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President Trump has effectively "subcontracted the job of picking judges to the Federalist Society, the Heritage Foundation, and various other wingnut intellectual chop shops," Charles Pierce wrote. (Photo: AP)

Amid Trump Chaos, Republicans Keep Their Eyes on the Big Prize: The Courts

"Control the Supreme Court, stack the judiciary, and you can stop the progressive movement... for decades," Corey Robin wrote

Jake Johnson

While the Trump administration remains embroiled in scandals of its own making and continues to blunder forward seemingly without direction, Republicans have their collective gaze fixed on a prize they have coveted for years: complete domination of the judiciary.

This goal, thanks to years of obstructionism, may be just on the horizon.

"Control the Supreme Court, stack the judiciary, and you can stop the progressive movement, no matter how popular it is, no matter how much legislative power it has, for decades." 
—Corey Robin

As Esquire's Charles Pierce notes, President Trump has effectively "subcontracted the job of picking judges to the Federalist Society, the Heritage Foundation, and various other wingnut intellectual chop shops." Three of the finalists—Kevin Newsom, Damien Schiff, and John Bush—sat before the Senate Judiciary Committee on Wednesday for their confirmation hearings, which were scarcely mentioned by the press.

Much of the questioning, as NPR's Nina Totenberg reported, ultimately centered around blog posts two of the nominees—Bush and Schiff—had written throughout their careers.

"Among the posts Bush said he now regrets is one that equated the U.S. Supreme Court's 1857 Dred Scott decision, which upheld slavery, with the Court's 1973 Roe v. Wade decision legalizing abortion," Totenberg noted.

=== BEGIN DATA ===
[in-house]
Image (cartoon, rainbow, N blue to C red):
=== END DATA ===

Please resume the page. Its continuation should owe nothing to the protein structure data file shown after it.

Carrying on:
Schiff has a similarly tinged history, Totenberg added, "challenging everything from environmental regulations, to health and safety laws, to gay rights laws."

Since the hearings came to a close on Wednesday, commentators have expressed alarm about how little attention the fact that individuals with such records could soon fill the ranks of the judiciary is receiving from the media and the Democratic Party.

"Wednesday's confirmation hearing for three of President Donald Trump’s judicial nominees may lack the intrigue of James Comey’s blockbuster testimony," wrote Politico's Kyle Barry, "but for anyone who cares about the integrity and independence of America's courts, the stakes could hardly be higher."

Barry continued:

Trump's initial nominees to fill more than 120 lower court vacancies—many of which exist only because the Republican Senate refused to act on the qualified nominations put forth by President Barack Obama—foretell a Trump-stacked judiciary that would clear the way for constitutionally suspect executive actions, shield corporate wrongdoers from accountability, and imperil the civil rights of all Americans.

Political theorist and author Corey Robin, in an piece for the Guardian on Thursday, expressed similar urgency, arguing "elite sectors" of the Republican Party have remained faithful to Trump only because of the leverage he gives them to stack the courts in their favor.

"Trump has gotten one supreme court appointment, he may well get more, and he's moved more quickly on lower-court appointments than Obama did," Robin wrote. "The legal arm of the conservative movement is probably the best organized, most far-reaching and far-seeing sector of the right. They truly are playing—and have been playing—the long game."

If progressives don't respond quickly with a similarly organized and long-term approach, Robin warned, the results could be disastrous, potentially hindering civil rights and dealing a vicious blow to workers and the environment.

"Control the Supreme Court, stack the judiciary, and you can stop the progressive movement, no matter how popular it is, no matter how much legislative power it has, for decades."


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